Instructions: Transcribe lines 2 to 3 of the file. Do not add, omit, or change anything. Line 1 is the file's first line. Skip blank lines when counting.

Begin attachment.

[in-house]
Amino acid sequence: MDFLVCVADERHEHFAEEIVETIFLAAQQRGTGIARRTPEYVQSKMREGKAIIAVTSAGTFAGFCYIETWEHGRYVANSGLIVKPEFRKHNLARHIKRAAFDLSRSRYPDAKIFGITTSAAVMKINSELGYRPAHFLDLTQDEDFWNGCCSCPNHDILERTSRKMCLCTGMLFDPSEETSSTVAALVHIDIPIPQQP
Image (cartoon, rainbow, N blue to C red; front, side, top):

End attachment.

Amino acid sequence: MDFLVCVADERHEHFAEEIVETIFLAAQQRGTGIARRTPEYVQSKMREGKAIIAVTSAGTFAGFCYIETWEHGRYVANSGLIVKPEFRKHNLARHIKRAAFDLSRSRYPDAKIFGITTSAAVMKINSELGYRPAHFLDLTQDEDFWNGCCSCPNHDILERTSRKMCLCTGMLFDPSEETSSTVAALVHIDIPIPQQP
Image (cartoon, rainbow, N blue to C red; front, side, top):